Friday, October 19, 2012

Greatest Hits: Reservists Face a Broken System

Reservist Face a Broken System was one of the first real "opinion" pieces that I've ever written.  It was also the first time I submitted an article to an actual website VS simply guest posting for other bloggers. It was featured on Spousebuzz.com in August of this year.  This is the unedited version that is more similar to what I would have published if I were to have posted it here on my blog.


We are facing a broken system.  I have said this many times to my husband, a USMC reservist with two deployments and 10 years of service under his belt, and he scoffed at me.  Me, a spouse, couldn’t possibly understand “the system.”  Having heard the stories, met the spouses, held hands with those who have been effected, I have seen first hand how broken the system that was built to support our service members is.  But now, in light of a recent situation, my husband has told me that he sees it.  I’m going to share with you a story of a young Marine, who has served his country and how we have failed him.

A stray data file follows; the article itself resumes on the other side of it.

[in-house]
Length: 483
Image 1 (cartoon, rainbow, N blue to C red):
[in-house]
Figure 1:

This young man has never seen combat, he has never deployed, he was not injured in the line of duty, but he is ill.  He cried for help one weekend, away from home, to the only man he trusts, my husband, his superior.  He created a plan to take his own life, but my husband intervened.  My husband sat with him for hours at the hospital, supporting a man who felt he had no one else.  He was released from the hospital and sent home. 

A few days later, my husband had not heard from this Marine in 36 hours.  He grew more and more concerned with each hour that passed.  He finally received a phone call from a doctor, but panic rose in his system.  Had this young man finally succeeded?  No, he checked into a hospital to seek help, but not a VA hospital, a civilian one.  You see, this man, who loves his country enough to freely sign a contract binding him to serve his nation, was told that his nation would not help him.  Because he has never seen combat, because he was not injured in the line of duty, because his illness is not PTSD from combat related stress, and because he is a reservist, the military has denied him help.